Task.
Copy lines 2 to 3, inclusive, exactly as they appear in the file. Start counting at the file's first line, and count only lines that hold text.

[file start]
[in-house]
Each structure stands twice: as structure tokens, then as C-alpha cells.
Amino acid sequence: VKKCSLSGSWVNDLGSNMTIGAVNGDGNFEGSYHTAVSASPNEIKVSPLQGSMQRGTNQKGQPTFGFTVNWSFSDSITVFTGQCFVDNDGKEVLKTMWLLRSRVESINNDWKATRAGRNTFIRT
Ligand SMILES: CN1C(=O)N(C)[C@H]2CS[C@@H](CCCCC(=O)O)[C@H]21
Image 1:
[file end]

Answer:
Each structure stands twice: as structure tokens, then as C-alpha cells.
Amino acid sequence: VKKCSLSGSWVNDLGSNMTIGAVNGDGNFEGSYHTAVSASPNEIKVSPLQGSMQRGTNQKGQPTFGFTVNWSFSDSITVFTGQCFVDNDGKEVLKTMWLLRSRVESINNDWKATRAGRNTFIRT